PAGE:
Society

Fort Pienc, Barcelona - where Catalans and Chinese meet

Article published on July 24, 2012
Article published on July 24, 2012
Do you know anything about that man or woman behind the counter of a shop in Spain where you can find just about everything? Or their children, who are the same age as you? Young members of a Chinese community in Barcelona speak

In the phone shop opposite my home in Barcelona, fifty out of the sixty computers have their operating systems set to Chinese. In the Chinese supermarket next door, there is often a long queue at the till to pay for the biscuits imported from Beijing and Tsingtao beer, all piled into shopping baskets. We are in Fort Pienc, the Chinese neighbourhood of Barcelona. Of the 15, 000 Chinese residents in this city, the majority between 25 and 40 years old, more than 1, 000 live in this area of Eixample. Nevertheless, the locals know next to nothing about them. When I ask my flatmates what they know about their Chinese neighbours, their answers are often full of clichés taken from the media: the mafia, illegal trade practices and immigration. The conclusion drawn by the Spanish press is that Barcelona is full of 'Fu Manchu's'. The mystic haze surrounds them. But why do we know so little about these immigrants, many of whom are our peers?

Business and Chinese youtube

Oriental details of Barcelona's main avenuesThe Chinese came to the second largest city in Spain to do a job which requires no qualifications and which allows them to earn enough to start their own business. In order to realise this dream, they have to work around the clock. Many expect the same from their children. 'My friends, in general, work for the family business,' says David, a Chinese guy who I meet in my local chemist's. It doesn't bother the Chinese because in the south of China this is as common as young people in the USA and the rest of Europe who leave home to go and study. 'For me, going to university is a privilege,' adds David.

In keeping with custom, parents of young people such as David send their children 'home' to China often, for example to organised summer camps so that they can learn to speak good Mandarin. Sometimes, the stay lasts for an entire year to save money on nursery fees. When the children return to Spain they dress themselves according to the latest Chinese fashion and watch videos of Taiwanese and Hong Kong groups on websites such as 1ting.com, the Chinese version of youtube. By day, they study Spanish history in Catalan at school, and by night, they chat away to their friends from China, living between two worlds as it were.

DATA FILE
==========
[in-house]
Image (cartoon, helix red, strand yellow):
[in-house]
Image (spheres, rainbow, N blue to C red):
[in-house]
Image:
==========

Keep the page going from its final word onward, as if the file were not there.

Studying Spanish a privilege

Wenquing arrived in Barcelona three years ago. Since then, she has been called Eva. One of her relatives renamed her, explaining to her that 'Eva' is an easier name to remember here. First her father and younger brother had moved to Barcelona, with her mother and older brother following after. Eva had to decide between staying in China, where she had a job relating to her degree, or to come here to be with the family and start a new life. She opted for the latter and during the first year she worked as a waitress in a Chinese restaurant. 'We did not make friends with our colleagues; we did not have much in common,' she says. 'But as we couldn't speak Spanish, we couldn't find another job.'

Those migrants who arrive after the age of ten are never going to be 100% fluent in the local language. Neither are those who go to school. Chinese pupils do not ask many questions in lessons because in China it is culturally impolite to ask the teacher questions. They do not tend to express their feelings, which makes it difficult for the teachers to approach them. They have a deep-rooted feeling of embarrassment and therefore do not like to speak Spanish at first. As a result of this, many do not pass, even though in China they could excel. Family ties are not always perfect either. Sometimes the youngsters spend so much time in China without seeing their parents that when they arrive in Spain, they find it difficult to regain trust. There are ups and downs. Many end up on the verge of juvenile depression.

Piece of China

Eva says she handled the challenges well. Unlike the majority, she attended a Spanish course and is now preparing for the advanced level exam, a task which ties in with her job at a Chinese estate agency. Her dream is to be a translator or interpreter. However, it took her three years to have a life which she is content with. 'Imagine that you suddenly find yourself in the middle of nowhere, you do not know anybody, you do not understand anything and you have to start from scratch,' she says.

'There are so many Chinese people all over the world that I just didn't realise this was a Chinese neighbourhood'

Besides going to the call shop and karaoke, playing with slot machines is another one of the popular pastimes among the Chinese youth. Employees from the Chinese shops escape from work to go and play bingo and reserve the machines so that nobody can win the money that has been invested while they grab a bite to eat. To sing karaoke, they go to a restaurant where they can reserve a private room for this purpose. At dinner Hsi, who recently arrived from Hong Kong, tells me that he did not realise that Fort Pienc was a Chinese neighbourhood. 'There are so many Chinese people all over the world that I just didn't realise,' he asserts. Hsi thinks that all the Chinese come here to work and not to learn the local culture. He speaks in a generalised way about the immigrants from Qingtian, the same way the Spanish speak about the immigrants from China. If it is so easy to fall into this trap when watching a community from the outside, then what do the Chinese think of the Spanish?

Image: main, from a poster in Granada, Spain (cc) alvaro tapia hidalgo/ alvarotapia.com; in-text (cc) Yellow.Cat; (cc) Joseph form Paris/ all via flickr